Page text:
In my last blog, I wrote about pattern idea from the famous books “Design Pattern” and “A Pattern Language” and how it can be applied to cloud architecture design. Below and in later posts in this series I shall follow the content outline used there to illustrate the cloud architecture patterns.
Provide a standard way to create new virtual machines based on user requirements.
There are enormous combinations of virtual machines with different operating systems, middleware, and applications. And then we have user data to the mix! We need a standard way to create new virtual machines.
General speaking, there are three basic ways to create new virtual machines:
1. Create bare metal virtual machine and install operating systems, etc. You can manually mount CDs for installing, or use PXE booting for automatic installation
2. Clone an existing virtual machine
3. Deploy from a virtual machine template
These could be complicated because you have to take care of many details. To use a virtual machine, do you care how it’s created? Not really, so long as you get the virtual machine that meets your specifications.
Things get more complicated when you have to deal with both private clouds and public clouds. Also, the way you create new virtual machines differs from one cloud vendor to the other. You want a unified way to hide these differences.
We can delegate the creation of new virtual machines to a specific application for simplified user experience. You just tell it what you want and let it handle all the details.
Specifying VMs You Want
There are two major aspects specifying the VM you want:
1. Hardware specification. This includes how many virtual CPUs/how much virtual memory/how big of disks/how many virtual NICs, etc.
2. VM template. This is the “gene” of the virtual machine, based on which you want to create your own virtual machine so that you can inherit all the software from the template
For the hardware spec, you may choose three different approaches:
1. OVF. This is a standard by DMTF and has been accepted as ANSI standard. It defines comprehensive details beyond hardware itself. It is by far the most flexible yet complicated way. VMware vCloud uses this approach.
2. Limited parameters. It covers most commonly used parameters like vCPU, memory, and disks but without the complexity of OVF. Some of VMware’s vCloud Express partners use this approach.
3. Pre-defined choices. You can pick most commonly used combinations of vCPU/mem/disk, and make them as several possible choices. It’s much like a menu, very easy to pick from. Amazon EC2 uses this approach.
For the VM template, it could be very simple. You can create a catalog with many possible templates, each of which is assigned a unique ID, and make them available for users. All the users need to do is to choose a template.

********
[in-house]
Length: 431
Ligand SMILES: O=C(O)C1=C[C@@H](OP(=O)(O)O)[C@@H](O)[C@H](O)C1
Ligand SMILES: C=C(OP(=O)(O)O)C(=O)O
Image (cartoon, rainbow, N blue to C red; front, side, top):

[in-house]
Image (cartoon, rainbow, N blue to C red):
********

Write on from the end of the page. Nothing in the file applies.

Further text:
How It Works
Figure 1 shows the process of a VM factory. The Client first sends a request to the factory and the factory creates a new VM based on the client specifications. Once the VM is created and powered on, it can be accessed by anyone authorized. The client can, for example, bypass the factory and access the VM directly.
More often than not, a newly created VM is not good enough. You may want to install applications of your own, or at least modify the configuration settings of the existing OS, middleware or applications.
You may connect to the virtual machine and inject and run certain scripts for installation/customization. Optionally, you can embed a script in your VM and let it run automatically when the OS boots up. The former approach is always more flexible than the latter but require more work.
General VM Factory
“Wait a second, why should I need this? Isn’t this what cloud service providers do for me already?” That is true. But you may want to build your own private cloud, or leverage both a private cloud and a public cloud (That is double cloud, by the way). I see the double cloud or hybrid cloud as the future.
With the double cloud scenario in mind, we will need a more complicated structure as follows. Note that the VM template is not transferrable from one service provider to the other.
Figure 2. Example of a two-tiered VM factory
When multiple service providers are involved, you may add additional functionalities into the general factory. For example, you can implement a policy engine to decide which service providers to select for best price, SLAs, etc. You can also keep account information within your general factory without exposing it to all your users. It definitely helps IT control.
You can use a two-tier VM factory to:
- Simplify VM creation while keeping flexibility;
- Hide the details of virtual machine creation;
- Integrate private and public cloud with unified APIs;
- Control VM creation policy in an environment involving multiple clouds.
The VM factory pattern centralizes and simplifies the creation of new virtual machines. Users who want to create new virtual machines are isolated from the complexity underneath.
At the same time, it can be a single point of failure. You may need a HA solution for best availability.
In some cases, for example limited instance types, you give up flexibility in specifying VM configurations.
Almost all of the public service providers implement factory pattern and provide a public interface for users to create new VMs. VMware vCloud Director offers similar APIs as well.
For the hybrid cloud use case, I haven’t seen much about how this works in the real projects. Please leave a comment if you have a story to share!
VM pool (coming up soon): after a new VM is created by the factory, you can optionally put it into a pool for instant provisioning later on.